It seems every media outlet other than Vanity Fair did a story on Vanity Fair’s interview with Katy Perry. Most of these described the pop star as “slamming” or “blasting” her strict sectarian upbringing.
I thought she was actually pretty gentle in her criticism, considering.
There’s a spectrum of evangelical culture and Perry’s family was on the far end of it.
Mine, thank God, was closer to the other end. My family didn’t drink or dance, but we didn’t spend a lot of energy condemning those who did. We listened to “secular” music as well as to CCM. I had all the Spire Christian comics, but also read a bunch of titles from Marvel and DC. After high school, my siblings and I were encouraged, but not required, to consider evangelical colleges and we wound up attending places like Houghton and Eastern where that encourage-but-don’t-require approach continued.
Or, to use another illustration that evangelicals will understand, my family was theologically and culturally closer to InterVarsity than to Campus Crusade. Katy Perry’s family seems to have been out on the other side beyond Campus Crusade.
Her description of her upbringing reminds me of plenty of my unhappier classmates at the private Christian school I attended in elementary and high school. Their families didn’t just refrain from drinking and dancing, they railed against them as grave sins. Yes, just like John Lithgow in Footloose — except he gave a more nuanced and sympathetic performance than my classmates’ parents ever did. Not only were those kids forbidden to listen to my wicked, sinful Beatles or Eagles albums, they were forbidden to listen to my wicked, sinful Amy Grant and Steve Taylor albums.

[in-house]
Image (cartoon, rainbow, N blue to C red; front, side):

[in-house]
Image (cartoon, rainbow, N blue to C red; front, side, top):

When those classmates graduated their parents gave them a choice between three possibilities for college: Liberty, Bob Jones or Pensacola.
Some of those friends went to those schools and graduated from them and now are raising kids of their own whom they will, one day, require to attend those schools as well. But for many of them, the rubber band stretched too tight all those years finally snapped and they dropped out of Liberty or Bob Jones or Pensacola and set out on a Rumspringa that continues to this day.
You could see many of them starting to crack already in high school — showing signs that, as soon as they turned 18 they were going to take off for the bright lights of the big city, put on some of that forbidden scarlet lipstick, cultivate an ironically tarty pop-star persona and marry some demented British comedian.
All of which is to say that Perry doesn’t “slam” her strict, evangelical/fundamentalist upbringing nearly as much as she could or maybe should have.
It slammed her for 18 years and she walked away. That’s not retaliation, that’s turning the other cheek.